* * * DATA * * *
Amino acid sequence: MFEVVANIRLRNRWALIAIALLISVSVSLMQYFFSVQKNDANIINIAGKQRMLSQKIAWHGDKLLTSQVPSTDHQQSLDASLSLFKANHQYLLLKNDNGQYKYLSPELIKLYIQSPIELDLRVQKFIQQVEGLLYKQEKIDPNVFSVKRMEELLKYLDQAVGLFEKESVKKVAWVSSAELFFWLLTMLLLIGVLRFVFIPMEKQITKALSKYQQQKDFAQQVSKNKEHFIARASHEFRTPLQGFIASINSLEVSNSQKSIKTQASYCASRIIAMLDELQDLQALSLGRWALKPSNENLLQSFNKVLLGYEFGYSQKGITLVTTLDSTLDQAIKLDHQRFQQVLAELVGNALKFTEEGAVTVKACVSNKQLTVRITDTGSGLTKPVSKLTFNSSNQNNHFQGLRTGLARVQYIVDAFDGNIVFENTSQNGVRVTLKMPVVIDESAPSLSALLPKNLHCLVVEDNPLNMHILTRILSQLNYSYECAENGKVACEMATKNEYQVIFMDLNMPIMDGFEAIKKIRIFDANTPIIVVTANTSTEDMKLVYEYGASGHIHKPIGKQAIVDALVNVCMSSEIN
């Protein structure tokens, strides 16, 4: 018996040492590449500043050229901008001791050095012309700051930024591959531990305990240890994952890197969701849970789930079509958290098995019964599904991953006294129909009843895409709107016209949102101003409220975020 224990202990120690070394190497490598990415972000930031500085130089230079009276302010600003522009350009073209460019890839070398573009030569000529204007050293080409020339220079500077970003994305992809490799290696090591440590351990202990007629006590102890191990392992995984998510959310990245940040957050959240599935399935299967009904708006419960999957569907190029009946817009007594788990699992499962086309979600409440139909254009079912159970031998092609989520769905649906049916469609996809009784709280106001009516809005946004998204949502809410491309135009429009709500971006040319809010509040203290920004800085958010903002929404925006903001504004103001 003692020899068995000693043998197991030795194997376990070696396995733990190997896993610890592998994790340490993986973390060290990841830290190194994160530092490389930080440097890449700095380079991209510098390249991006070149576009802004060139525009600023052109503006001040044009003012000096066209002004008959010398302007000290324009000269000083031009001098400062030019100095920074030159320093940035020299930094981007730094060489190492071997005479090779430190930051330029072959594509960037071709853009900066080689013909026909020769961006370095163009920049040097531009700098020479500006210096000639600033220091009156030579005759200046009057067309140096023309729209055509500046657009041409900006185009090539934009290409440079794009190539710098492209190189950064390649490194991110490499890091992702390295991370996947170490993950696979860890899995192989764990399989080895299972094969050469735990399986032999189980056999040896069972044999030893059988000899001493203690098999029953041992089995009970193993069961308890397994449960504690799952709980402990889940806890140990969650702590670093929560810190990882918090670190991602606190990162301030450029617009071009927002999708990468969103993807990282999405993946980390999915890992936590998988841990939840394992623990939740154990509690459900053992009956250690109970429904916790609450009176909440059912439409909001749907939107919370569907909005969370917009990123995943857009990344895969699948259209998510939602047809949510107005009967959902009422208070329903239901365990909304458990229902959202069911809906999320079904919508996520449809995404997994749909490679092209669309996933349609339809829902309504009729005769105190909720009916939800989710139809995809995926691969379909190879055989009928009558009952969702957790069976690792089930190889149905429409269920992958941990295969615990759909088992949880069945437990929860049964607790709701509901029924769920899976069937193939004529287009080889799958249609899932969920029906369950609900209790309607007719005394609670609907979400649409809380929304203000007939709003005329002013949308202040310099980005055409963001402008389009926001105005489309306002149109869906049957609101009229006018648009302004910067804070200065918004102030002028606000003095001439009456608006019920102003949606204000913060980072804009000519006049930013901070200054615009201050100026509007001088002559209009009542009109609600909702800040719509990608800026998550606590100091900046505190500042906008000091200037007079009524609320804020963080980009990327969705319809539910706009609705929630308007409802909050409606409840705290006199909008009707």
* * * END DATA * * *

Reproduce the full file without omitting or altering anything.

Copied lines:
Amino acid sequence: MFEVVANIRLRNRWALIAIALLISVSVSLMQYFFSVQKNDANIINIAGKQRMLSQKIAWHGDKLLTSQVPSTDHQQSLDASLSLFKANHQYLLLKNDNGQYKYLSPELIKLYIQSPIELDLRVQKFIQQVEGLLYKQEKIDPNVFSVKRMEELLKYLDQAVGLFEKESVKKVAWVSSAELFFWLLTMLLLIGVLRFVFIPMEKQITKALSKYQQQKDFAQQVSKNKEHFIARASHEFRTPLQGFIASINSLEVSNSQKSIKTQASYCASRIIAMLDELQDLQALSLGRWALKPSNENLLQSFNKVLLGYEFGYSQKGITLVTTLDSTLDQAIKLDHQRFQQVLAELVGNALKFTEEGAVTVKACVSNKQLTVRITDTGSGLTKPVSKLTFNSSNQNNHFQGLRTGLARVQYIVDAFDGNIVFENTSQNGVRVTLKMPVVIDESAPSLSALLPKNLHCLVVEDNPLNMHILTRILSQLNYSYECAENGKVACEMATKNEYQVIFMDLNMPIMDGFEAIKKIRIFDANTPIIVVTANTSTEDMKLVYEYGASGHIHKPIGKQAIVDALVNVCMSSEIN
């Protein structure tokens, strides 16, 4: 018996040492590449500043050229901008001791050095012309700051930024591959531990305990240890994952890197969701849970789930079509958290098995019964599904991953006294129909009843895409709107016209949102101003409220975020 224990202990120690070394190497490598990415972000930031500085130089230079009276302010600003522009350009073209460019890839070398573009030569000529204007050293080409020339220079500077970003994305992809490799290696090591440590351990202990007629006590102890191990392992995984998510959310990245940040957050959240599935399935299967009904708006419960999957569907190029009946817009007594788990699992499962086309979600409440139909254009079912159970031998092609989520769905649906049916469609996809009784709280106001009516809005946004998204949502809410491309135009429009709500971006040319809010509040203290920004800085958010903002929404925006903001504004103001 003692020899068995000693043998197991030795194997376990070696396995733990190997896993610890592998994790340490993986973390060290990841830290190194994160530092490389930080440097890449700095380079991209510098390249991006070149576009802004060139525009600023052109503006001040044009003012000096066209002004008959010398302007000290324009000269000083031009001098400062030019100095920074030159320093940035020299930094981007730094060489190492071997005479090779430190930051330029072959594509960037071709853009900066080689013909026909020769961006370095163009920049040097531009700098020479500006210096000639600033220091009156030579005759200046009057067309140096023309729209055509500046657009041409900006185009090539934009290409440079794009190539710098492209190189950064390649490194991110490499890091992702390295991370996947170490993950696979860890899995192989764990399989080895299972094969050469735990399986032999189980056999040896069972044999030893059988000899001493203690098999029953041992089995009970193993069961308890397994449960504690799952709980402990889940806890140990969650702590670093929560810190990882918090670190991602606190990162301030450029617009071009927002999708990468969103993807990282999405993946980390999915890992936590998988841990939840394992623990939740154990509690459900053992009956250690109970429904916790609450009176909440059912439409909001749907939107919370569907909005969370917009990123995943857009990344895969699948259209998510939602047809949510107005009967959902009422208070329903239901365990909304458990229902959202069911809906999320079904919508996520449809995404997994749909490679092209669309996933349609339809829902309504009729005769105190909720009916939800989710139809995809995926691969379909190879055989009928009558009952969702957790069976690792089930190889149905429409269920992958941990295969615990759909088992949880069945437990929860049964607790709701509901029924769920899976069937193939004529287009080889799958249609899932969920029906369950609900209790309607007719005394609670609907979400649409809380929304203000007939709003005329002013949308202040310099980005055409963001402008389009926001105005489309306002149109869906049957609101009229006018648009302004910067804070200065918004102030002028606000003095001439009456608006019920102003949606204000913060980072804009000519006049930013901070200054615009201050100026509007001088002559209009009542009109609600909702800040719509990608800026998550606590100091900046505190500042906008000091200037007079009524609320804020963080980009990327969705319809539910706009609705929630308007409802909050409606409840705290006199909008009707």